Answers provided by Director Nicholas Brown.
What inspired this story?
NB: This story was inspired by the book “The Serengeti Rules” by Sean Carroll, who had started his research after making a trip to the Serengeti and his kids asked him “how come this place has so much more wildlife than anywhere else?” He didn’t learn the answer until he started talking to the people this film is about.
Describe some of the challenges while making this film.
NB: The science behind the film is intensive, controversial and in many respects brand new, so we had to learn a lot about ecology in a short period of time. (In development we had three PhD’s on our research team). This is also a story with a lot of characters and storylines that cover the entire globe. The hardest part was deciding what not to film! We also were unconvinced there was a way to knit together all of these diverging threads in different ecosystems. In the end we narrowed it down to just 5 scientists and locations, and that is the story that emerges.
How do you approach science storytelling?
NB: We feel it is essential that audiences be given an emotional connection to the story, especially when the subject matter is as intellectual as this is. In this case we used dramatic reconstruction to draw people closer to the key characters. We hope that you, the viewer will fall in love with nature just as our characters did. We also feel the science is easier to comprehend if you have a fully rounded human being that you can identify with and follow through the story. We let our characters tell their personal journeys without resorting to narration. This unfiltered approach is a way of showing the audience respect, and trusting that they will figure out the difficult
bits on their own.
What impact do you hope this film will have?
NB: In some ways the film is already having the impact we hoped for most, and that is inspiring younger people—especially those aged 10- 21—to fall in love with ecology. Biodiversity loss and extinction are depressing issues, so it is important that we project a story that also has some hope. We notice that young audiences are really latching onto this positive message. Ultimately, we hope that the science and the people will inspire everyone who watches the film. The best quotes-- and we’ve heard this more than once--come from 11 year olds saying, “When I grow up I want to be an ecologist!”
Were there any surprising or meaningful moments/experiences you want to share?
NB: Early in the process we knew we had to film the man who got this story going: Bob Paine. We’d set a date to make him the first person we would interview. But not long after agreeing a date, Bob called us to say that he was ill, but was still eager to take part in the film. Then, just a week before the interview, Bob’s daughter called to say he might not live to see the morning. We were shocked, and more than a little depressed. We cancelled our plans to film Bob, and were considering cancelling the whole film when Bob emailed. He said that he wanted to film with us no matter what. He wanted to get this story out there. On the day we arrived, Bob had just a matter of minutes per day where he was even awake and able to speak. He gave us 20 minutes per day on two consecutive days to interview him. Can you imagine, being on your deathbed, in agonizing pain, willing to talk to a film crew? You see, for Bob his work was so much more than a job. It was his passion and his mission, and he wanted to share what he had learned right up to his dying breath. He passed away less than a week after we finished the interview. The film is dedicated to his memory.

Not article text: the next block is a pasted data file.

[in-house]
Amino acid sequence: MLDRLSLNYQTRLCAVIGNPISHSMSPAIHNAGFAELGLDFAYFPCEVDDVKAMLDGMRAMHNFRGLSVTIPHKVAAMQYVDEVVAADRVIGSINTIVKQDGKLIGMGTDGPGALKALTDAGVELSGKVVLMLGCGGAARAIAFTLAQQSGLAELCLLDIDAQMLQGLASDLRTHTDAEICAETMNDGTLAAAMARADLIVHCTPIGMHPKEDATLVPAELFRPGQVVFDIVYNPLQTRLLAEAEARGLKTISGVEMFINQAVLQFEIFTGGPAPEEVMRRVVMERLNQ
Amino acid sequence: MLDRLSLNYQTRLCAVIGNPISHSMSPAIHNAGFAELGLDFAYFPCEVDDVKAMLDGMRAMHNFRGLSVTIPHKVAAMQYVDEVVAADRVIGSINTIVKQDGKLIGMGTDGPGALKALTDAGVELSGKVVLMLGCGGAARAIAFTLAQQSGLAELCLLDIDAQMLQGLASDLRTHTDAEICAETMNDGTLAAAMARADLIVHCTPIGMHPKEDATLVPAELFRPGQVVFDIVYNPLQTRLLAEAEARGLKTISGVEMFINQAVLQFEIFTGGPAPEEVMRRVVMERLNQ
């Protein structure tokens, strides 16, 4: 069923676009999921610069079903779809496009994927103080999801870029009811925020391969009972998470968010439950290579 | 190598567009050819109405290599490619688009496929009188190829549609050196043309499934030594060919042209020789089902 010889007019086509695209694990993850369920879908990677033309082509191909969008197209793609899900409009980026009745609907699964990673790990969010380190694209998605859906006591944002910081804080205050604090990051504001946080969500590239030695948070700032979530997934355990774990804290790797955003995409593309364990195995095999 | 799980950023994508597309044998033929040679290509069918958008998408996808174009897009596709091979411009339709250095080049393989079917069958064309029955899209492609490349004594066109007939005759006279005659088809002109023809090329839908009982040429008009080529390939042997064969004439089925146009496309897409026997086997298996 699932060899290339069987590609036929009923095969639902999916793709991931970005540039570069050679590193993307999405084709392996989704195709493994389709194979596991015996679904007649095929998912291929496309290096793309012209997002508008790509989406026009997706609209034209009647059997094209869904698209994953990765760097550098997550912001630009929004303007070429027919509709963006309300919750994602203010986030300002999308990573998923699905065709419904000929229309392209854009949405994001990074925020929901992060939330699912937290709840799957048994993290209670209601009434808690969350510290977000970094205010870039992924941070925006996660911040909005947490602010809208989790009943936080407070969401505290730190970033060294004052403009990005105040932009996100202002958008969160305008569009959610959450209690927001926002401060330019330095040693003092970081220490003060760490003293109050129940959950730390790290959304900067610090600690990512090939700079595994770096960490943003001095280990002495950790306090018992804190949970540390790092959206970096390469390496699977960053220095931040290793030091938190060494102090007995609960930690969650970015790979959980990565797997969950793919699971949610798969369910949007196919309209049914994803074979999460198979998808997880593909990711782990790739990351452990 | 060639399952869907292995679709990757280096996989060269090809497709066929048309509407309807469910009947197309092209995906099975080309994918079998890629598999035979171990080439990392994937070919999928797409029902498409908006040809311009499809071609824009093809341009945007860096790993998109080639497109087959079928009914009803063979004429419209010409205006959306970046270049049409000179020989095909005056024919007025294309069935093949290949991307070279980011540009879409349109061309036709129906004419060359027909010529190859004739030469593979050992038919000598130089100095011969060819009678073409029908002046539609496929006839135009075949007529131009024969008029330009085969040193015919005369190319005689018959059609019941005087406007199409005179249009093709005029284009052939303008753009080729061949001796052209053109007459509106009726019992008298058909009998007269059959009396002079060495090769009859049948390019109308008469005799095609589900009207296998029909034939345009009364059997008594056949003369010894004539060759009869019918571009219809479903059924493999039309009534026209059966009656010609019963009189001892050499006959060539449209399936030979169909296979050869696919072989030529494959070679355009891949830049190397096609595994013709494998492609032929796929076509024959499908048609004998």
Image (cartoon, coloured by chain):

NB: The next step for us is to get this film distributed as widely as possible. We have plans to get it into schools and classrooms. And we hope to find distribution to the widest possible audience.
Editing: What are the specific editing challenges you had to address?
NB: We decided early on that we wanted the audience to have a direct cinematic experience, unfiltered by a narrator. This meant working with days if not weeks worth of interviews, and threading together a story that we hope people can follow with ease. Science, especially when it is new, is not always easy to explain or understand. Often there isn’t even a language for what you are trying to get across. We literally had to coin the term “upgrading” (instead of phrases like “trophic cascade restoration) to make the film understandable. Interestingly, the term “upgrading” is starting to crop amongst scientists now.
Where there any unexpected surprises or breakthroughs during this film investigation? “The Serengeti Rules” is based on the book by Sean Carroll. At first glance, it was hard to see how this book—which journeys from molecular biology to medicine and finally to ecology—would make a film. Feature documentaries work best when they follow a single narrative thread—and better yet, a single character. Once we narrowed this story down to 5 scientists, we had the first glimpse that we might be able to tell this story with a film. What kept us going was the importance of the subject matter. The breakthroughs happened over the course of 50 years and 5 lifetimes of intensive study. Ultimately, the discovery these scientists made is profound, and it will change how conservation is done from now on.
As the curators of the Science Media Awards Summit in the Hub (SMASH), we believe storytelling is a common thread in our shared human experience, and that new media allows us to convey the wonders of scientific discovery in new and compelling ways.